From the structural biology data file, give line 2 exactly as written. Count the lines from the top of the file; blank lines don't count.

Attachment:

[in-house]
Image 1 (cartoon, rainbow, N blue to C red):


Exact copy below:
Image 1 (cartoon, rainbow, N blue to C red):